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Article in Japanese | WPRIM | ID: wpr-965977


Neonatal Marfan syndrome is the most severe form of Marfan syndrome usually showing critical cardio-respiratory symptoms from the neonatal period or early infancy. We report a boy with this syndrome who presented with heart failure at 3 months of age and was referred to our department at 6 months old after intense medical treatment. He had enophthalmos, funnel chest, arachnodactyly, and Steinberg's thumb sign, but had no family history of Marfan syndrome or other cardiac diseases. Left ventricular dilatation, severe mitral regurgitation and moderate tricuspid regurgitation were noted on echocardiography. Mitral valvuloplasty and tricuspid annuloplasty were performed, and the regurgitation improved to trivial and mild level, respectively. However, rapid exacerbation of mitral regurgitation occurred, and the patient fell into circulatory collapse which needed circulatory support with extracorporeal membrane oxygenator (ECMO) on 18th postoperative day. In the emergency operation, the previous surgical procedures on the mitral valve were intact and we thought that rapid progression of the mitral annular dilatation and valve expansion to be the cause of exacerbation. Mitral valve replacement (Regent® 21 mm aortic) was performed, and the cardiac function improved, but ECMO was still needed because of the depressed respiratory function. Furthermore, tricuspid regurgitation due to annular dilatation and valve expansion was aggravated rapidly which needed tricuspid valve replacement (ATS® 20 mm mitral) 9 days after the mitral valve replacement. ECMO was ceased on the 37th day and the patient was extubated on 71st day. He was discharged from the hospital 5 months after the first operation. One year has passed after discharge, and he is doing well with anticoagulation. In the treatment of neonatal Marfan syndrome, surgical procedure for valve repair is still controversial and it should be remembered that rapid exacerbation of the atrioventricular valve can occur even after satisfactory valve repair and there should be no hesitation regarding surgical intervention when needed.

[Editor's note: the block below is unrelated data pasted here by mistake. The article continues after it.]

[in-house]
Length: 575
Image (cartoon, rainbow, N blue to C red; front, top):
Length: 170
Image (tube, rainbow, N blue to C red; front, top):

Article in Japanese | WPRIM | ID: wpr-361905


A 34-year-old woman was admitted with a history of syncope and a mass was detected in the right atrium (RA) by transthoracic echocardiography (TTE). Preoperative chest computed tomography (CT) also demonstrated an RA tumor measuring 4×3 cm. We performed resection of the RA tumor under cardiopulmonary bypass. Histopathological findings showed that the tumor was an angiomyolipoma. It is well known that angiomyolipomas are most frequently found in the kidney and are associated with tuberous scleroses. There was no evidence of tuberous sclerosis in this case. Primary tumors of the heart are rare. However, there have been a few intracardiac angiomyolipomas reported previously.